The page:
The referee has the responsibility for mapping the universe before actual game play begins. The entire universe is not necessary immediately, however, as only a small portion can be used at any one time. In unsupervised play, one of the players can generate worlds and perform mapping on a turn by turn or adventure by adventure basis....
Worlds and Adventures, page 1
Traveller, 1977 Edition
map out space in three dimensions was going to be difficult (though not impossible) for the average wargamer/roleplayer. So they settled on an abstract representation which was referred to as a subsector. The map of the subsector represented an 8x10 section of space, with each hex being one parsec across. For anybody familiar with astronomy, this two-dimensional representation was completely artificial and unrealistic, but that was unimportant from a role-playing perspective. I've included a scan of the original subsector map from page 3 of Worlds and Adventure; the only thing that could've improved the original game would have been a sample planet and a sample subsector. However, those would've taken up more space than GDW apparently felt was available for the game. For whatever reason, the subsector hex grid was left as a tabula rasa upon which referees were invited to create their own settings. Not everyone thought this mapping paradigm worked the best, however.
Over to the right, you can see one of the variations on mapping for Traveller that was devised back in 1977. The idea was to take a sheet of hex paper, draw in a larger grid of hexagons, and then enter the Universal Planetary Profile. Starting in the center hex, write in starport type, and then clockwise around from the hex immediately above, planetary diameter, atmosphere, hydrographics, population and law level. Tech level went to the bottom left; presence of gas giant to the bottom right. Notation of naval base and scout base in upper left and right, respectively. The two side hexes may have been used for additional stats, but the memory has faded over time. However, the systems shown here are as follows:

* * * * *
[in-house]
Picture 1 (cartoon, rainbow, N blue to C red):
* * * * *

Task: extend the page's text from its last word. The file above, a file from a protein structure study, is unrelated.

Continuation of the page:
- The planet listed in the upper left is the one generated (and left unnamed) by Don Turnbull in his review in White Dwarf #6, from 1978. The UPP is 0201 C81378B-5 S G.
- The planet on the lower right is "Grendal" from The Dragon #18, September 1978. The UPP is 0303 A212221-E G.
- The planet further to the right and a little up is one I generated for this post. The UPP is 0402 A656462-9 G.
Star system creation therefore was not terribly "realistic" at all. However, what it did do was provide a template to follow for mapping out adventure, in much the same way as dungeon and wilderness maps did for Original D&D. This was, I think, a significant part of the success of Traveller when it initially appeared - the maps did not need to be hard science for the game to work; a structure suggesting a science fiction setting was sufficient and relatively elegant to implement.
But mapping was not the only set of assumptions embedded in the rules for stellar mapping and world generation. In a follow-on post, I will take some time to examine some of the social assumptions in the original game involving world building, and what they meant for referees at the time.